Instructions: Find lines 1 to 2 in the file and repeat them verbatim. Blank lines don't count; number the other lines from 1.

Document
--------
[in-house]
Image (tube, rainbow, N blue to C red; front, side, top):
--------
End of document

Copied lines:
[in-house]
Image (tube, rainbow, N blue to C red; front, side, top):